Coffee seems to be one of those misunderstood foods. One day it’s great for us and the Starbucks sales boom, the next day it’s awful and everyone’s swearing off coffee.
There is some truth to this, so for this week’s WTF Wednesday we’re going to dive into the mixed results from coffee research.
Adults in America drink a whole lot of coffee; it’s the second most consumed beverage (water is #1, hollaaa). Coffee doesn’t just have caffeine, it has hundreds of biologically active compounds and we haven’t even identified all of their functions yet! Due to its popularity, research has been dedicated to exploring the effects of consuming this beverage. Is it good? Is it bad? So far the evidence shows coffee can have a wide range of health effects.
Some potential benefits:
- may lower risk of type II diabetes
- can help with weight loss/management
- reduce depression
- brightens up the morning!
Some potential adverse effects:
- may increase blood cholesterol levels
- increase anxiety
- cause difficulty sleeping
- may even induce heart palpitations
But, overall an emerging body of literature suggests habitual coffee consumption may be neutral to beneficial regarding risk of a variety of adverse cardiovascular outcomes (i.e. Coronary Heart Disease, Congestive Heart Failure, arrhythmias, and stroke).
So what exactly are these bioactive compounds in my coffee? I don’t like the sound of that. I know bioactive sounds scary, but this just means these compounds can have an effect on your body. These compounds include the familiar caffeine, a potent stimulant, diterpene alcohols (like cafestol and kahweol, please don’t ask me to pronounce these because I’m 99.9% sure I do it wrong), which can increase blood cholesterol, and chlorogenic acid, an antioxidant and anti-inflammatory molecule. Coffee also contains vitamins and minerals, like niacin, magnesium, and potassium (we all need more potassium!). Although caffeine is the most widely studied molecule found in coffee, the effects of coffee cannot be reduced to the isolated effects of the caffeine it contains.
Let’s examine some of the findings:
Research has shown coffee (caffeinated and decaf) can lower the risk of type II diabetes by improving insulin signaling.
However, research has also found unfiltered/boiled coffee, like my beloved French-Press coffee, has higher concentrations of diterpene alcohols, which have been shown to increase your blood cholesterol levels by down-regulating bile acid synthesis. This leads to cholesterol not being recycled and made into bile acids, leading to higher levels of cholesterol in your bloodstream. This happens in this type of coffee because the diterpenes are extracted from the coffee beans by the prolonged contact with hot water. If you don’t have high blood cholesterol levels, it’s not enough of an increase to be concerned about and this increase vanishes after a few weeks of not consuming unfiltered/boiled coffee (note: this effect is not seen in brewed/filtered coffee (what most people drink) because of the shorter contact with the hot water and retention of diterpenes by filter paper).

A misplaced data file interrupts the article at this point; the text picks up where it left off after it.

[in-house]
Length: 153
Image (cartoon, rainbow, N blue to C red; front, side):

High levels of caffeine (>750 mg/d) may increase urine output and urinary calcium and magnesium excretion.
Coffee intake, at high volumes and in at risk individuals, may be associated with bone loss, lower bone density, or fracture.
This is just the beginning of coffee research. To have a better understanding of the impact of coffee on health outcomes, we need more (and higher quality) clinical data, along with more knowledge about the compounds within coffee.
There still is a lot unknown about coffee, but overall the current research indicates that moderate coffee consumption, typically 2-4 cups per day, fits well with a healthy balanced diet and active lifestyle. The 2015 Dietary Guidelines for Americans included a coffee recommendation for the first time. These guidelines suggest that 3-5 cups of coffee a day is fine if you choose to drink coffee, but don’t pick up a coffee habit because of this!
Keep in mind that there are discrepancies for what constitutes a cup of coffee (in the literature and in real life!). I would recommend sticking with the 8 fl. oz size, which is the amount in a Starbucks short cup. Also, everyone has different caffeine sensitivity levels. I’m super sensitive to caffeine and spent the last 3 years drinking a cup of caffeinated French-Press coffee every morning, but recently switched off the caffeine (maybe I’ll write about this in another post? :)). The good news is that decaf coffee provides these benefits too.
Are you on board with coffee? Why or why not?
What’s your favorite coffee drink? I’m a sucker for lattes!